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New Publication: Microtubule number and length determine cellular shape and function in Plasmodium
Posted May 29 2019
AG Frischknecht from the Department of Infectious Diseases at University Hospital Heidelberg investigated the role of microtubules in malaria parasites.

Malaria-causing Plasmodium parasites are a major threat for humans in tropical countries. To better understand how these parasites function (and in the hope to develop new strategies to kill them) scientists use different microscopic and gene engineering techniques.

In their new publication, the group of Friedrich Frischknecht from the Department of Infectious Diseases investigated the role of microtubules in Plasmodium. Microtubules form an important part of the skeleton of most eukaryotic cells and are essential for many cellular functions such as cell division. They are also the targets for drugs against cancers and worms. Microtubules in cells from multicellular eukaryotes are usually highly dynamic: they constantly grow and shrink and there are so many microtubules in a cell that it is very difficult to count them.

In Plasmodium, however, microtubules are organized differently: When the parasites are formed in the mosquito they each have 16 microtubules that each are about 6 micrometer long. Using molecular genetic engineering, light and electron microscopy the Frischknecht laboratory could for the first time generate mutants that show different numbers of microtubules, ranging from the standard 16 down to 5. The researchers then investigated which of these mutants were able to form infected parasites and found that at least 10 microtubules are needed. Different mutants can also show different microtubule lengths, but if one changes only the expression level of the protein alpha1-tubulin, then only the microtubule number and not the length is changed. In order to explain this striking effect, the researchers developed a mathematical model for the nucleation and growth of microtubules in Plasmodium, in collaboration with the group of Ulrich Schwarz from the Institute for Theoretical Physics, with whom Friedrich Frischknecht collaborates in the framework of CellNetworks and also in the framework of CRC 1129 on integrative analysis of pathogen replication and spread.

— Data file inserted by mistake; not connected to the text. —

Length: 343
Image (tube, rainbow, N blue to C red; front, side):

This study showed for the first time that an important biological effect depends on the exact number of microtubules in a cell and will certainly inspire more studies on the role of microtubule numbers and lengths in different organisms.

Original publication: Microtubule number and length determine cellular shape and function in Plasmodium. The EMBO Journal. doi: 201915252/embj.2018100984

 

The short talk was presented at the CellNetworks symposium in April 2017 celebrating 10 years of the European Research Council, which partly funded the work in the Frischknecht lab.

 

 

Contact

Prof. Dr. Friedrich Frischknecht

Parasitology Unit

 Zentrum für Infektionskrankheiten Universitätsklinikum Heidelberg

Tеl: 06221 56-6537

E-Mail: freddy.frischknecht [ aT ] med.uni-heidelberg.de